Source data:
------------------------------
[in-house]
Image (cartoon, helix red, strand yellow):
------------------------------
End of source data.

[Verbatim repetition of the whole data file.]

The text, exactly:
[in-house]
Image (cartoon, helix red, strand yellow):